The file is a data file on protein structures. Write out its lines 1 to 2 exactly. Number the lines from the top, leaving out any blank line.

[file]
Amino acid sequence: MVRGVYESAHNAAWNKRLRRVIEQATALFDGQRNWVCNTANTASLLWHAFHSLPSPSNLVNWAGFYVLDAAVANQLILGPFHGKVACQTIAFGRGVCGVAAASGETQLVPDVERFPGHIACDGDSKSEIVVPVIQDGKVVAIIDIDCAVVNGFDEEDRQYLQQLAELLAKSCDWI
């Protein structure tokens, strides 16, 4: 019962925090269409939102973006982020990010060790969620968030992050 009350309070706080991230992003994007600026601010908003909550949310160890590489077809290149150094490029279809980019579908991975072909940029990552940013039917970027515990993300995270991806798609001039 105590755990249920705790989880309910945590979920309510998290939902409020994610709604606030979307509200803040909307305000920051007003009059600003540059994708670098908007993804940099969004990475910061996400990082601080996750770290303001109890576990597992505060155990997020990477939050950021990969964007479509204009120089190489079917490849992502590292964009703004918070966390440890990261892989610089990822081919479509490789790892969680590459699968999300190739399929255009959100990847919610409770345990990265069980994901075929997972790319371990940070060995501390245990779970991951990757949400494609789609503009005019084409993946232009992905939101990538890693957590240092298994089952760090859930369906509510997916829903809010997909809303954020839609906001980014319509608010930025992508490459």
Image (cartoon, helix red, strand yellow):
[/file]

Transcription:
Amino acid sequence: MVRGVYESAHNAAWNKRLRRVIEQATALFDGQRNWVCNTANTASLLWHAFHSLPSPSNLVNWAGFYVLDAAVANQLILGPFHGKVACQTIAFGRGVCGVAAASGETQLVPDVERFPGHIACDGDSKSEIVVPVIQDGKVVAIIDIDCAVVNGFDEEDRQYLQQLAELLAKSCDWI
């Protein structure tokens, strides 16, 4: 019962925090269409939102973006982020990010060790969620968030992050 009350309070706080991230992003994007600026601010908003909550949310160890590489077809290149150094490029279809980019579908991975072909940029990552940013039917970027515990993300995270991806798609001039 105590755990249920705790989880309910945590979920309510998290939902409020994610709604606030979307509200803040909307305000920051007003009059600003540059994708670098908007993804940099969004990475910061996400990082601080996750770290303001109890576990597992505060155990997020990477939050950021990969964007479509204009120089190489079917490849992502590292964009703004918070966390440890990261892989610089990822081919479509490789790892969680590459699968999300190739399929255009959100990847919610409770345990990265069980994901075929997972790319371990940070060995501390245990779970991951990757949400494609789609503009005019084409993946232009992905939101990538890693957590240092298994089952760090859930369906509510997916829903809010997909809303954020839609906001980014319509608010930025992508490459």